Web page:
Gary Dyner is the owner of Great American Coin Company. Connect with him on Google+.


History of the Nickel pt.1

When you think about our coins, which do you think is the oldest? Well, the oldest of our modern coin denominations is actually the nickel which is older than the penny by a year. The nickel is our oldest currency, dating back as early as 1792. Originally known as the half-dime, this coin has been around in one form or another since the early years of the union. Curious about it’s history and how it changed with our country? Read on.

1792 half dismeThe Half-Disme

First coined in 1792 the half disme (yes they spelled dime with an “s” it was the 18th century, modern english as we know it wouldn’t emerge until much later, and anyways it’s French) emerged as the country was first beginning to expand. The US had just grown to 14 states with the creation of Vermont, had no navy to speak of, and were paying tribute to the barbary pirates. At this point, we had trading relationships with the spanish colonies (Louisiana and Florida) and so Spanish reales flowed freely along with English shillings and pence. Because of the complete incompatibility of the currencies of England and Spain, it slowed down trade and exchange between the two required overly complex exchange calculations.

Which leads us to the creation of the US currency system. Congress was debating how we should change our national currency. Benjamin Franklin, Thomas Jefferson, and Alexander Hamilton all favored the adoption of the decimal system, which was useful on multiple fronts for the US. Firstly, it would represent a clean break from the English Pound Sterling currency and allow a way to reconcile the differences between Spanish and English currencies.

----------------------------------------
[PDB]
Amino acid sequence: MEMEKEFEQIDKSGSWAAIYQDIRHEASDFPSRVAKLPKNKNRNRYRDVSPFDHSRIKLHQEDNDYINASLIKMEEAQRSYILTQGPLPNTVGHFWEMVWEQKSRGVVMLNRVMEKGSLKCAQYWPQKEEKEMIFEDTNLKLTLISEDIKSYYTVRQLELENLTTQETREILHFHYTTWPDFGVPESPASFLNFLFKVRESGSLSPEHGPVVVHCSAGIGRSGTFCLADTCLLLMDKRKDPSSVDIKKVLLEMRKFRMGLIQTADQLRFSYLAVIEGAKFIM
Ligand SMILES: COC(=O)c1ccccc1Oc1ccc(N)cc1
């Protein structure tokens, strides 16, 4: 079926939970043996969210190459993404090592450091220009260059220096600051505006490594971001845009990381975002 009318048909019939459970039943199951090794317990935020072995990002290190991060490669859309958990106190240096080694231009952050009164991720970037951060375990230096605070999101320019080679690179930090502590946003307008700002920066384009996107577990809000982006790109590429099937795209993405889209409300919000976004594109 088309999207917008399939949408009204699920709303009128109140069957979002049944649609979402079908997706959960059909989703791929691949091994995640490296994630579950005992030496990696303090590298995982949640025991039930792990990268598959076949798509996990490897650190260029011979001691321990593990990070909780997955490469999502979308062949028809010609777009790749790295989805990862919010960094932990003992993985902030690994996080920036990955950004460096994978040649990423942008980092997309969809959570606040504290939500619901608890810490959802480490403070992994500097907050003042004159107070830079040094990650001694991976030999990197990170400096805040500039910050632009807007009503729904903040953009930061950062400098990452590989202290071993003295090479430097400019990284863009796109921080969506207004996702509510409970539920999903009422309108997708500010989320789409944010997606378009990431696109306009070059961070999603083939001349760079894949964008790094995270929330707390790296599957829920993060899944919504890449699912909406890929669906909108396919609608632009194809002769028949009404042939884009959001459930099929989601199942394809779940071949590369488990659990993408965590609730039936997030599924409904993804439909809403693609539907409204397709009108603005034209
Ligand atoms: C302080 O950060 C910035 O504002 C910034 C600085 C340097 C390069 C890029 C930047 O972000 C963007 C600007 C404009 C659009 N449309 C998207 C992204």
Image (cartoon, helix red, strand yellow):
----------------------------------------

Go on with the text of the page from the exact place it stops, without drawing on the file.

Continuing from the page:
After the US adopted the dollar in 1785 events moved very quickly over the next 7 years. From the creation of a national mint to the actual minting of the coin. The half disme is very rare, and many counterfeits exist. To date, there are only 200-250 known examples still in existence. This coin was mainly used for visiting dignitaries and very few were actually issued into circulation. In fact, the coin was replaced in 1794 by the next coin on our list, the Flowing Hair half dime.

1794 Flowing Hair Half Dime1794-95 Flowing Hair Half Dime

The first nickel to be distributed to the American people was the 1794 Flowing Hair half dime. Designed by Robert Scot, the first chief engraver for the national mint. The coin was minted for two years before it was replaced, but it is an extremely rare and highly valuable collector’s piece. Around 7,500 half dimes were minted with the 1794 date, but were actually minted in March of 1795. Due to the infancy of the mint at this point, most of the half-dimes are of poor striking quality which is considered normal until the mid 19th century where techniques were improved and/or changed. All of the flowing hair half dimes were struck at the newly finished Philadelphia Mint. Interestingly enough, no true proofs are known, although there are some coins that are of presentation levels of quality.

This coin represents a very important piece of American history. This half dime is one of the first official issues of silver coinage by the US. Where in the past, silver coinage had been the purview of the monarchy, for our government to produce it was a clear and decisive act of nationalism.

Our money is a rich and colorful window into our nation’s history. A lot can be gleaned from our coinage. Come back next week where we’ll continue to look at the history of the nickel. Additionally, check out some of the great historical silver coins we have available for purchase.

Gary Dyner is the owner of Great American Coin Company. Connect with him on Google+.